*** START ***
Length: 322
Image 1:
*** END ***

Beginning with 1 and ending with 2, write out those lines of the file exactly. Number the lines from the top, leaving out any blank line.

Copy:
Length: 322
Image 1: